Detours aside, its Colorado at last!
Trip Start Apr 08, 2005
270Trip End Apr 09, 2006
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Chimney Rock is a mound of rock on an otherwise flat countryside, it was used in the mid 1800's as a marker for men travelling to the markets in St. Louis, Kansas and Chicago.
Despite Fergus's wishes to climb the rock, I adamantly refuse. "Beware - rattle snakes are common" signs are the only instructions I need to ensure I will never climb the rock. Instead, we take a couple of photo's and listen to the distinctive sound of the rattle snake in the distance.
It is easy to feel the awe and curiosity the pioneers experienced when they saw the most famous landmark on the Oregon, California, and Mormon Trails
Our second stop is Scottsbluff. The story goes that in 1828, a fur trapper by the name of Hiram Scott was wounded and deserted by his companions. He gained a certain immortality by making his way to a magnificent formation of bluffs along the North Platte River before succumbing to his wounds. It was for Hiram Scott that Scotts Bluff National Monument, Scotts Bluff County, and the city of Scottsbluff have been named.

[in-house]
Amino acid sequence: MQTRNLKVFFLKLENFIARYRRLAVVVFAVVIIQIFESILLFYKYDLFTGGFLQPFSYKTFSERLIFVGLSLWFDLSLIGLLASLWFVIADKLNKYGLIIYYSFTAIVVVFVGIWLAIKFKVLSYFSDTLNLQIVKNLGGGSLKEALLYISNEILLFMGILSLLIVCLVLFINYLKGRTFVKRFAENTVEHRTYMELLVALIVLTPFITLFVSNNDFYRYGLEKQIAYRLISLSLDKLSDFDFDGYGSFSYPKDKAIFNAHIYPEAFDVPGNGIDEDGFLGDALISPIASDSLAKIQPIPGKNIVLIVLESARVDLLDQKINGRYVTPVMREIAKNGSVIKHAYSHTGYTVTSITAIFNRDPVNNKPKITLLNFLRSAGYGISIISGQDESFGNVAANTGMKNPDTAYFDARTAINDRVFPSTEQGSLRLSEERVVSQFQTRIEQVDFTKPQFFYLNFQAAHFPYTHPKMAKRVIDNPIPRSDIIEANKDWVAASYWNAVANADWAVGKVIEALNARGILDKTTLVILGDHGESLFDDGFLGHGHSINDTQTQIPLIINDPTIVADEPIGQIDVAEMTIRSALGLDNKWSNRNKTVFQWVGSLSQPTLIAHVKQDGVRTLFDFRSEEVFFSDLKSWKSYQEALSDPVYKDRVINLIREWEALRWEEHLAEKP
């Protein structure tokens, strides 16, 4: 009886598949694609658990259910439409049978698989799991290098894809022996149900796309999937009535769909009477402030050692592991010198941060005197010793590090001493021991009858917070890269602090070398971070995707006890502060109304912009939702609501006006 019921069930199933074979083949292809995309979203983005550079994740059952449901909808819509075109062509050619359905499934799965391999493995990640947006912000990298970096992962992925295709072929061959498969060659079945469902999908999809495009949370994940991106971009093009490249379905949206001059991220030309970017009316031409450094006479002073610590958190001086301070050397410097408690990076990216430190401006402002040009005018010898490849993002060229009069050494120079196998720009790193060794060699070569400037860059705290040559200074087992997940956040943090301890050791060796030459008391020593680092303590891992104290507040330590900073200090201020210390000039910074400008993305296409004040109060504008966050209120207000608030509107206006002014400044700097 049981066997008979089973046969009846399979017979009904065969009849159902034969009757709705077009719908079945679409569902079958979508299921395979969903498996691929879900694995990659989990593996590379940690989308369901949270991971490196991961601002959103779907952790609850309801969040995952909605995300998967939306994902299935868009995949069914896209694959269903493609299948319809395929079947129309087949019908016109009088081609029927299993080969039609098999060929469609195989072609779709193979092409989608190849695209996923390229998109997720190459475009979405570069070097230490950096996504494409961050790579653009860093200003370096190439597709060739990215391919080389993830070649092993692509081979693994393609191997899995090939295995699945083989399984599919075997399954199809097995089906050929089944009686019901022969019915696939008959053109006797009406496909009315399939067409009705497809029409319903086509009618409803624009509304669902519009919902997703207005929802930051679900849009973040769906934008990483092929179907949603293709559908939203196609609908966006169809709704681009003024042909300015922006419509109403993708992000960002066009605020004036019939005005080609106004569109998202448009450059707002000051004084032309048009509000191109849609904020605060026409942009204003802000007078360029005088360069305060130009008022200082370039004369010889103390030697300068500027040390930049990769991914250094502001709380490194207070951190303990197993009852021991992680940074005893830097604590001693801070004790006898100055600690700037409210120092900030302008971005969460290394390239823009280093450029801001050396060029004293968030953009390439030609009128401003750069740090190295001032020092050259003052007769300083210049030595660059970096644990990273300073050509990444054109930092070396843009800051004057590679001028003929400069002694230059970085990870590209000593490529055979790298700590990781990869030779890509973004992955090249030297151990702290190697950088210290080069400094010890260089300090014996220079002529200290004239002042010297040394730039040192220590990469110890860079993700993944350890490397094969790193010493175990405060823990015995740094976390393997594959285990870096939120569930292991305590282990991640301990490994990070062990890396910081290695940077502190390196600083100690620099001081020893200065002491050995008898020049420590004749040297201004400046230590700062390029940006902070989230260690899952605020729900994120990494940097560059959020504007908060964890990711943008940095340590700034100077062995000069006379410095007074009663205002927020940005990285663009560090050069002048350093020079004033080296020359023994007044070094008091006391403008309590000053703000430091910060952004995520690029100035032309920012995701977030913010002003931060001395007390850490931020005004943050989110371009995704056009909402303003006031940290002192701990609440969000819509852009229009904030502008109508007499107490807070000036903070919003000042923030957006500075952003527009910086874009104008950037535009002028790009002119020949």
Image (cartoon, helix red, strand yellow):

We drive South West to Wyoming and stop off for a breather at a lovely lake with mountains on 3 sides.
Its Southbound again until we reach the popular tourist attraction of Estes Park. We drove the 32 mile from the city of Loveland to the entrance of Estes Park, through the Big Thompson Canyon which is a heavily wooded area of scenic beauty with rugged cliffs and high mountains bordering the Big Thompson River. The road follows the river and winds around walls of granit. On arrival in Estes Park we have no trouble getting accomadation (its a Monday!) and have a short orientation of the town. Its very well landscaped, with numerous little shops.